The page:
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Tropical Biomedicine, Volume 33, Issue 2, 2016, pp. 348-358

Sequence analysis of e/ns1 gene junction of dengue type-1 viruses isolated in Klang valley 2010 to 2012

Abstract : Dengue is a mosquito-borne viral disease caused by four serotypes of dengue virus, affecting the human population for decades in many tropical and subtropical regions of the world. In Malaysia, all four dengue serotypes co-circulates in a dengue season even though any one of the serotypes can predominate. In this study, serum samples were collected from dengue fever and severe dengue fever patients within Klang Valley from 2010-2012 to determine the prevailing dengue serotypes. In addition, sequencing of the envelope/nonstructural 1 (E/NS1) gene junction of the virus isolated was performed to identify the presence of any mutations that are suggestive of increased virulence in the virus. The results showed that Dengue-1 (DEN-1) was the predominant circulating serotype. The E/NS1 gene sequences of the isolates were analysed to trace the evolutionary knowledge of the strains. All sequences of the isolates were compared with DEN-1 prototype Hawaii strain as the reference sequence. The E/NS1 sequences of other dengue strains from neighbouring regions as well as other parts of the world obtained from the GenBank database were also included in the phylogenetic tree analysis. Analyses showed that there was 97% to 100% similarity among the ten isolates at the nucleotide level. Similarly, the amino acid analogue also showed 98% to 100% homology. However, all five non-severe dengue isolates showed variation at position 780, resulting in an amino acid change from valine to alanine as compared to severe dengue isolates. A rooted phylogenetic tree was performed using neighbour-joining method with DEN-2 and DEN-3 as the outgroups. Results showed that all ten isolates were classified as genotype I. In addition, the five isolates from severe dengue patients were found to be clustered together with JN697057 and JN697058, Malaysian DEN-1 strains from the 2005 outbreak.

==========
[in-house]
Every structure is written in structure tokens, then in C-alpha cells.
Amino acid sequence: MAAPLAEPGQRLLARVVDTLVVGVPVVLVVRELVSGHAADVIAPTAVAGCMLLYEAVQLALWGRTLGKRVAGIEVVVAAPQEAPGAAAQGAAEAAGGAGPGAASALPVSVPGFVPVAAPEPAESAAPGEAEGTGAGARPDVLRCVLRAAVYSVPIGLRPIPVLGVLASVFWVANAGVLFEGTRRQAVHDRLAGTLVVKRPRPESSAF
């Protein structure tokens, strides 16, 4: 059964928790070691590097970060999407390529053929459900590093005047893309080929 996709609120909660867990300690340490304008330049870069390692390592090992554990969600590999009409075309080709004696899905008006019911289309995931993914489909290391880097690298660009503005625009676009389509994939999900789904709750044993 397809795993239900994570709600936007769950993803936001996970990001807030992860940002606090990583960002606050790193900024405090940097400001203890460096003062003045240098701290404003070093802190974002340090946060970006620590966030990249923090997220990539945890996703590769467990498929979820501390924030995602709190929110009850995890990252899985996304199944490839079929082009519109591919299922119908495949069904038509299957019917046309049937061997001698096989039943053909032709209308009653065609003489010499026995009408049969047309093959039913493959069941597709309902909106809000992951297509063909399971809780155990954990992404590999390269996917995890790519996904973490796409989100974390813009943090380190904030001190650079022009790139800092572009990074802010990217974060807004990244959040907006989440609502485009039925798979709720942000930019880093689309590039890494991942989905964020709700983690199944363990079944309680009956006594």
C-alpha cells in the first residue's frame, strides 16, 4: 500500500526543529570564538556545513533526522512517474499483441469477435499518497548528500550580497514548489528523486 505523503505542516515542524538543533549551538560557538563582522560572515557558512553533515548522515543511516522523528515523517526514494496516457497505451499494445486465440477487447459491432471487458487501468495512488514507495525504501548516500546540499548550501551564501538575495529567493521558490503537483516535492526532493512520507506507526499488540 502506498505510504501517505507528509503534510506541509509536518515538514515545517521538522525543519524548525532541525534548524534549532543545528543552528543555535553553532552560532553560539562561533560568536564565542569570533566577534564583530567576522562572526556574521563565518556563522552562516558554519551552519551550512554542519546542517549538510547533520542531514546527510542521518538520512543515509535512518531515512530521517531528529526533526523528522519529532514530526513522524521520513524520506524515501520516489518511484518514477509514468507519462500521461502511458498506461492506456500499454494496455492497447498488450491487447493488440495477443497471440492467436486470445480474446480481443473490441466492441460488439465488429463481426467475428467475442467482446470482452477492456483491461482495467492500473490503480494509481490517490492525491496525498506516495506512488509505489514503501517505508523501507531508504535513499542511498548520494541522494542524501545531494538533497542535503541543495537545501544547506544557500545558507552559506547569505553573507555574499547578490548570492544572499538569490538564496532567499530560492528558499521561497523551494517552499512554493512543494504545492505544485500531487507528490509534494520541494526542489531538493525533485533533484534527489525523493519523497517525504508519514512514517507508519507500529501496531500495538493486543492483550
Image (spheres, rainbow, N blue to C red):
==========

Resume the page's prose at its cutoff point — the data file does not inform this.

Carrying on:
Keywords :
Subject Area : Infectious Diseases Medicine(all) Parasitology

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